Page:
Reaching the third class observation deck, Vardek staggered up to one of the metal benches and clutched it hard. His head was swimming, and he found it hard to maintain his balance. His mind was awash with extraneous data. He could no longer assimilate it or analyse it. It was no more than noise, a thousand voices chattering in his head.
He realized what had happened. During his fight, the skin of his temple had been torn open. The kaprihal crystal that formed the interface between the computer and his natural neural pathways had been knocked out. It should have been tightly fixed in its socket - it must have become slowly dislodged during the millennia his search had lasted.
Without it, he could not read the computer data properly. It spewed into his mind at a phenomenal rate, garbled and completely incomprehensible. It overwhelmed his consciousness. Surely the chatter would drive him mad.
And worse still, his mission was in jeopardy. He could not function with
his brain in this condition. He could not even focus his eyes properly.
Dimly he was aware of people looking at him. He turned and lurched away
towards the nearest opening. He had to find some dark, quiet place to hide
himself away. Perhaps if he were calm enough, he might make some sense out
of his mental traffic - enough to work out what he should do next.
Alicia glanced again at Quincey's naked body, bundled up awkwardly inside the ore container. Red marks around his throat suggested he had been strangled. The stiff posture indicated that rigor mortis had set in. Doubled up like that, the body was unmoving, as if it had been cast in stone. It seemed so undignified. "How did he get inside?" she wondered.
"Well, it's obvious," said the Doctor. "Whoever killed him locked him in the container."
"But who killed him?" Alicia persisted.
"Whoever was in the container to begin with."
"Tell her, Baines," the Doctor commanded.
The archaeologist wrung his hands wretchedly. "It isn't possible," he stammered.
"What is going on?" Alicia demanded.
The Doctor scratched the back of his head absent mindedly. "Well, let me see. On one of his digs, Baines turned up some humanoid remains. Not just a few bones, but a whole body."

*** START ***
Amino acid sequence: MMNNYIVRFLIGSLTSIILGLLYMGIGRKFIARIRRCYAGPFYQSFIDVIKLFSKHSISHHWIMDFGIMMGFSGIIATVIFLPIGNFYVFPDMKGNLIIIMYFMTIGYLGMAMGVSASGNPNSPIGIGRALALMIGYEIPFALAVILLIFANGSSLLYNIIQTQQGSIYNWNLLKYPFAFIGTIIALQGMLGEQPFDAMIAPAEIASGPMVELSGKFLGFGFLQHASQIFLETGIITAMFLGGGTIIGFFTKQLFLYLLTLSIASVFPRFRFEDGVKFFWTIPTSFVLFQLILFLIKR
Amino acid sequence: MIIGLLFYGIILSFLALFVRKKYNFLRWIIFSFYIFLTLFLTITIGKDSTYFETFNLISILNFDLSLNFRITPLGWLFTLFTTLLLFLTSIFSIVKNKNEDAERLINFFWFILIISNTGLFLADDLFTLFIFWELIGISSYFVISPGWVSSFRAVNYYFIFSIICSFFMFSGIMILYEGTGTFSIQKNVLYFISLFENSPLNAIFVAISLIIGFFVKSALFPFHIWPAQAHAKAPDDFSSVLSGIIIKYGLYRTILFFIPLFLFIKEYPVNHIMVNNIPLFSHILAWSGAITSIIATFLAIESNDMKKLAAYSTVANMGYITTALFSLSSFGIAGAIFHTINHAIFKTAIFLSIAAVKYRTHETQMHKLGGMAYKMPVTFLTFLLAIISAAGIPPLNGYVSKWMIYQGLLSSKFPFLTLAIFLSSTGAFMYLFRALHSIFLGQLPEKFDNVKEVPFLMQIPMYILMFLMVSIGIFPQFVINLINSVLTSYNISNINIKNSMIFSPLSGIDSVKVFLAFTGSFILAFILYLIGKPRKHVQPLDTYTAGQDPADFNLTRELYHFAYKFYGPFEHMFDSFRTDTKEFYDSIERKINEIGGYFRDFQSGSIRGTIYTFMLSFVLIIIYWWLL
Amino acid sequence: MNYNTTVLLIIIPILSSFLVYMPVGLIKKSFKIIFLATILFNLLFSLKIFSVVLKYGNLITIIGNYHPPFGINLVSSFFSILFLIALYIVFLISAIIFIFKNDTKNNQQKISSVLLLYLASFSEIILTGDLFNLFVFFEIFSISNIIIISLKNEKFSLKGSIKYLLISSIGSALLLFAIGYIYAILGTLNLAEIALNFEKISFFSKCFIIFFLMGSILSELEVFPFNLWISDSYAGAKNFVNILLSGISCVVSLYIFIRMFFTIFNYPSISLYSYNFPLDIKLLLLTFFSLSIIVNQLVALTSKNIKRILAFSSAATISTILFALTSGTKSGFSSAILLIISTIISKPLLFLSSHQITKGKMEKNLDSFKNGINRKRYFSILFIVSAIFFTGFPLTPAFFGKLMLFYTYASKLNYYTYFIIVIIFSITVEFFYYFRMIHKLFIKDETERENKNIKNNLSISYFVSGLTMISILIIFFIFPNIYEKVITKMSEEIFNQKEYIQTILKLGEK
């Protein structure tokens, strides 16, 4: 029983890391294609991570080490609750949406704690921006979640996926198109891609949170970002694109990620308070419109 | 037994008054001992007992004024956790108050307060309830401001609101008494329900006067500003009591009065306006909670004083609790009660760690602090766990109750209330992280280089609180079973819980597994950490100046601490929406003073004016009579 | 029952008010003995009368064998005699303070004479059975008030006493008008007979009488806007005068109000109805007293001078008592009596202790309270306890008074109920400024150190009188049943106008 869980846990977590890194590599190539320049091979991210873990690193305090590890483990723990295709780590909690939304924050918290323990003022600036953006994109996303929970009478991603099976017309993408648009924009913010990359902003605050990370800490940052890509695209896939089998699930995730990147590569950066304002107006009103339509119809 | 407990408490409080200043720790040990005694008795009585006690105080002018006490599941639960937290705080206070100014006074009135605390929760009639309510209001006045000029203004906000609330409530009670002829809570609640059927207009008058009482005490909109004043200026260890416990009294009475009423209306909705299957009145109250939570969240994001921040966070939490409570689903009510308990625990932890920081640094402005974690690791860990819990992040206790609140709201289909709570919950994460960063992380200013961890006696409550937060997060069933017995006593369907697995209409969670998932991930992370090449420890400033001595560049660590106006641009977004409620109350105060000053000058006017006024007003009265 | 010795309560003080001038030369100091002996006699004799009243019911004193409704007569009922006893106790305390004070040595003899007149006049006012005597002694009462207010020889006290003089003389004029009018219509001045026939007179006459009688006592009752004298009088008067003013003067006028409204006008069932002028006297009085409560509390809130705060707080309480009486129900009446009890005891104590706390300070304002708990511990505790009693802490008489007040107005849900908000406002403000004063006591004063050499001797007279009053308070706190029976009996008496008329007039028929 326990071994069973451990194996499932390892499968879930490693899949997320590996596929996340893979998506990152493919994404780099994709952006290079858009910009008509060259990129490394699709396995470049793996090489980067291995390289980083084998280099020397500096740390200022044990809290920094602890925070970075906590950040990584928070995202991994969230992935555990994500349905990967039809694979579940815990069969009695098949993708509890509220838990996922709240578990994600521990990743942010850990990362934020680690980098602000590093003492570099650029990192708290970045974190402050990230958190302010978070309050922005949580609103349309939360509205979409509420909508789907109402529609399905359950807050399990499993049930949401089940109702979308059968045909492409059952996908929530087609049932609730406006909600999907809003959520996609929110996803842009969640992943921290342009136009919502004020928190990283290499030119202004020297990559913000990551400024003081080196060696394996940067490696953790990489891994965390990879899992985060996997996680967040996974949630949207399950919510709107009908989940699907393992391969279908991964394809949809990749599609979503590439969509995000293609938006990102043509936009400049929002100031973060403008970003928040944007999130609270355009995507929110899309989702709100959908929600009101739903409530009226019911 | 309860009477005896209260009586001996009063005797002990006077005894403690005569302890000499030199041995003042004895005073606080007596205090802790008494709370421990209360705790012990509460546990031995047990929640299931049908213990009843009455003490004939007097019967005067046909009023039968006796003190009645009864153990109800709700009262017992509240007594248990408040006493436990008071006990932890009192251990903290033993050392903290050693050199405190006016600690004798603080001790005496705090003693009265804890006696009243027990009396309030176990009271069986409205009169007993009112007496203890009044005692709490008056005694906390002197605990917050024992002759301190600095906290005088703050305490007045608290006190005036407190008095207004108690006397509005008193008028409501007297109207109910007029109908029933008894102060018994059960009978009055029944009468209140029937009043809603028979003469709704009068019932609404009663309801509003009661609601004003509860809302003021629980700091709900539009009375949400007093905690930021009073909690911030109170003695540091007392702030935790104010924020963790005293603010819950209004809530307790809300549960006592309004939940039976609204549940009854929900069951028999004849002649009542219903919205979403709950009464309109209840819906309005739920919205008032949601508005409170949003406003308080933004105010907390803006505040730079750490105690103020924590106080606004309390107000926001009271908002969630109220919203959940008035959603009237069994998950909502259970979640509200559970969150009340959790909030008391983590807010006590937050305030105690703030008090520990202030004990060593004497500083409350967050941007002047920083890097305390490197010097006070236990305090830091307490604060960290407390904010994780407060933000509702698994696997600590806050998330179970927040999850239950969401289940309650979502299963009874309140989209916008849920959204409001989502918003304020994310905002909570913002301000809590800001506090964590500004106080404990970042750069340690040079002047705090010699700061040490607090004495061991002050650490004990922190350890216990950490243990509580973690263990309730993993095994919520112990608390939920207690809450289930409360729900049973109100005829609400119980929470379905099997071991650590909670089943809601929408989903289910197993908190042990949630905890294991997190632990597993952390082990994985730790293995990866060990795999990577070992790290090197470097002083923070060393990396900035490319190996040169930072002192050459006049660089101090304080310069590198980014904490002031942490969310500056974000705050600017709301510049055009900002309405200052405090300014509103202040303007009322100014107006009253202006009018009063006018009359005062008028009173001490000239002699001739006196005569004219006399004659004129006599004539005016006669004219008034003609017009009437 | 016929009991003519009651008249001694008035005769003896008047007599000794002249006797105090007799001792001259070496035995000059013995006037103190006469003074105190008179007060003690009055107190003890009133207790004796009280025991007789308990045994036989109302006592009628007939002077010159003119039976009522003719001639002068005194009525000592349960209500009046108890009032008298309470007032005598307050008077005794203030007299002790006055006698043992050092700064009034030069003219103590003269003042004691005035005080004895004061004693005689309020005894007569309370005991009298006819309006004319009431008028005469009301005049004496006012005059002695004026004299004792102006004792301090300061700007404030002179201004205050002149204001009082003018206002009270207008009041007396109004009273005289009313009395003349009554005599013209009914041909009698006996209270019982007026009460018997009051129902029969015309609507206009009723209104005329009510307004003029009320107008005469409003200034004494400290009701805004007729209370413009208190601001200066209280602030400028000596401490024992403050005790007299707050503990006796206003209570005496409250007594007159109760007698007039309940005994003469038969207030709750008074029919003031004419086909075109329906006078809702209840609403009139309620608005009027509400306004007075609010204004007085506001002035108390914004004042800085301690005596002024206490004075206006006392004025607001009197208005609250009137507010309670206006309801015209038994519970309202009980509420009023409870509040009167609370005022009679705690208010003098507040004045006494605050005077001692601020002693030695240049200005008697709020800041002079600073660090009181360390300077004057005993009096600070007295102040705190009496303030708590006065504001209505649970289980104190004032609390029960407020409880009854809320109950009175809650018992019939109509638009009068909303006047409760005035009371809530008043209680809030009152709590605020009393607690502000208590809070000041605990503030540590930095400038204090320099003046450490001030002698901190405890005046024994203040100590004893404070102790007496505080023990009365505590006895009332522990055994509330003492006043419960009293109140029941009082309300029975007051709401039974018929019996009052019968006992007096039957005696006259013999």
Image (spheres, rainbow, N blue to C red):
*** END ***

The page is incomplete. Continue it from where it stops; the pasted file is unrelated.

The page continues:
"A skeleton?" suggested Alicia.
"No, a body. Flesh and blood, skin, hair, everything. How old did you estimate it to be, Baines?"
Shaking his head, Baines said, "At least five thousand years. Given its position in the soil, beneath ancient Canaxxan relics. Of course we can only date Canaxxan culture back that far - legend suggests that it is older still."
"This is ridiculous," snapped Alicia. "If it was five thousand years old, there wouldn't be anything but bone left - if that."
The Doctor raised an eyebrow, and looked at Baines, as if inviting an explanation. It was not forthcoming.
Taking a deep breath, the Doctor asked, "Are you familiar with the legends of Hallatern?"
"The ancient empire on Sirius Five?" Alicia replied. "My boss, Trau Morrissey, is something of an amateur historian. He's mentioned it to me a few times. What does that have to do with it?"
"Hallatern used genetically engineered warriors to conquer other worlds."
"The Kreilens, yes." Alicia drew a sharp breath. "Are you suggesting that Hectol found one of them?"
"Well, Canaxxa would be a good place to look. There used to be an advanced civilization there once - it was totally destroyed by the Kreilens, leaving just the primitive culture found there today. That would be more like nine thousand years ago."
"That is unfounded myth," said Baines, "totally unsubstantiated by archaeological evidence."
"I shouldn't think there would be a lot left after the Kreilens had done their work," the Doctor remarked. "Civilizations can vanish without trace. Look at Earth - a few hundred years ago, most people would still have denied the existence of the Silurian civilization, or of Atlantis - both of which we now know to have existed, and to have reached an advanced stage of development. It's quite conceivable for Canaxxa's civilization to have been so utterly destroyed that nothing of archaeological value was produced there for another four millennia."
"That's all very interesting, Doctor," said Alicia, "but it doesn't answer my question."
"Hallatern had mastered the arts of genetic manipulation - they conquered the ageing process. A Kreilen could place itself into a form of suspended animation."
Turning to Baines, Alicia adopted a gentle, persuasive tone. "Well, Hectol?"
Baines looked down at the floor. "It's my belief that what I found was a Kreilen, yes. Obviously it needed detailed study, and I thought the Academius was the best place to do that."
Suddenly, Alicia found it all very clear. No wonder Morrissey was helping with the recovery of the Kreilen. If its secrets could be unlocked, there were advances in genetics and possibly military technology that could be worth a fortune. "Well," she observed, "now someone's stolen your discovery and killed your assistant in the process."
"No, I don't think so," said the Doctor. "This lock hasn't been forced, and I'm fairly certain that it hasn't been picked before either."
"How can you tell?" asked Baines.
"There isn't enough scoring or stress on the datakey contacts," the Doctor replied casually. "A practised eye can spot it instantly. Now, apart from you, who would have had access to the datakey?"